The Choral Society’s annual concert had to be moved to the CMU auditorium due to insufficient space during the last couple of years. However, even though the auditorium seats 400, there were still people sitting in the aisles.

A Chiang Mai Christmas, international song with local words by soloist Antoine Garth and Scott Jones on the piano while the Choral Society and the audience join in the refrains

The concert started very contemporary with slower numbers such as ‘Every gift is Love’ and ‘Lo, Tiny Child’, but when Scott Jones and Antoine Garth came on stage for the first time it became clear that this was definitely not one of those concerts which you were dragged to unwillingly in your childhood. The clear tenor of Antoine, combined with the expertise of Scott on the piano, performing an 18th century English traditional ‘God rest ye merry gentlemen’ made the audience want more.

The babes in Toyland from the Aree School of Dance Arts.

Jinger Ben, sorry, ‘Jingle Bells’, ‘Christmas is’ and ‘Pine Cones and Holly Berries’ warmed the audience for the new wording of ‘The 12 days of Christmas’, with lyrics created by Choral Society President Becky Lomax and Frank Weicks.

Director Rainy Riding had her ‘singing part’ as well during the Twelve Days of Christmas, which was re-worded ‘Chiang Mai style’, including Panda bears, tuk-tuks, buffaloes, soi dogs and the politician up a palm tree…

The ‘arranged confusion’ by Scott Jones and Richard Dixon was perfectly confusing, and kept the crowd chuckling throughout the song. Keeping to the variety, the next performance came from the Aree School of Dance Arts, with the children trained beautifully by their teacher Panyasiri Romyanontha.

Of course, there is no Christmas without Santa, and Santa straight from a fairytale, ‘rolled’ in, and kept the audience chuckling and clapping during the second half of the concert. It was also great to see Cheri back in full force, looking sensational in any outfit, be it as a singer, a grandma, or a reindeer.

Another amusing duet was presented by Scott and Antoine with a parody on ‘Santa Claus is coming town’, with the words,

“You’d better watch out,

You’d better not cry,

You’d better not shout,

There’s no mai pen rai,

The minister is coming to town.” All very politically incorrect, but very clever satire.

As part of the finale, president Becky Lomax gave a short speech, saying, “What brings us together in the choral society is the love of music, and our love of sharing that music. We have learned to listen to each other sing, and to sing with one voice. If the nations of the world, which are also many and of many faiths could learn this lesson, then surely we could have ‘peace on earth, good will to men’.”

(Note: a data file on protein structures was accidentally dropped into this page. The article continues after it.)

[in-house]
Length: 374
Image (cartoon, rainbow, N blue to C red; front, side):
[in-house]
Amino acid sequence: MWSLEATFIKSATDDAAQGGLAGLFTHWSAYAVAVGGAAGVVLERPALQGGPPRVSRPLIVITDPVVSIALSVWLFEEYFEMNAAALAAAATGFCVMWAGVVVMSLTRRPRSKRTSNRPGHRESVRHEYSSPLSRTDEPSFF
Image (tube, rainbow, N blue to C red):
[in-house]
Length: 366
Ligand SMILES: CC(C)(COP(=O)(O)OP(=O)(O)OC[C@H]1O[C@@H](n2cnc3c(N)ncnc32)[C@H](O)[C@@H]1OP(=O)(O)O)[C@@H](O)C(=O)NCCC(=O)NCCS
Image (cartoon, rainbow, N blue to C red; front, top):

And with the real spirit of Christmas being very evident, Khun Waranan, the past president of the choral society, who wished for peace on earth and more understanding amongst each other, announced that the entire proceeds of the concert were to be donated to the blind children of Baan Chulasai.

Asimo stomps into Chiang Mai

Coming for national Children’s Week

Autsadaporn Kamthai

To celebrate national Children’s Day, Honda Thailand plans to bring Asimo to entertain northern children during the ‘Asimo Thailand Tour’ from January 7-9 at the Lanna Hall, Central Airport Plaza.

Honda plans to take the Asimo show to children in all regions and Chiang Mai is set as the first leg for the show.

Pimporn Siriwan from Honda Thailand hands an Asimo doll to Chuchoke Tongtaluang, head of Chiang Mai Provincial Public Relations Office.

Honda engineering spent 14 years designing Asimo, the most human-like robot. Asimo (Advanced Step in Innovative Mobility) was the final result and was first introduced in Japan in 2000. What differentiates Asimo from walking toys is that Asimo can get up from lying down.

Asimo first came to Thailand in 2002 and received warm welcome from Thai children, and both Asimo and the children are looking forward to his return.

The show will demonstrate Asimo’s human-like walking and movement; his interaction with people, such as remembering human faces and imitating human actions. The show will take 45 minutes and up to 2,000 people can watch each show. It is hoped that the show will inspire children’s interest in technology.

Honda, in conjunction with Education Mall is arranging an essay and public speaking competition called “Welcome ASIMO to Chiang Mai”. The winner will give the welcome speech to Asimo at the first show on January 7, 2005.

The show starts on January 7 with show times 11 a.m., 1 p.m., 2.30 p.m., 4 p.m., 5.30 p.m. and 7 p.m. The Asimo show is free of charge for children and tickets can be reserved at 0-5322-5559 from December 18.

New stringed instruments a hit at Prem

David Michaels

The stringed instrument program at the Prem Tinsulanonda International School (Prem) is popular this year, with the purchase of new violins and cellos for the Grade Four class, so that each student now has his own instrument.

Pai uses his bow carefully.

While all the students are accustomed to reading and following musical notation after their study of the recorder in Grade 3, only two students in the class have played a stringed instrument before.

The Grade Four class meets for two group sessions each week. Ajarn Gillian takes them through warm-ups and practice. With a piano accompaniment by Ajarn Nikki, the students learn new songs and refine old ones. Ajarn Gillian said that the stringed instrument practice gives every student the opportunity to be an active participant in music class on a serious instrument, play in ensemble, and know what it is like to practice and read notation. It makes them more confident about participation and helps them appreciate what goes into music.

James is totally focused as he learns a new score in his stringed instrument class at Prem.

Prem can look forward to a stringed instrument performance from the young musicians next term.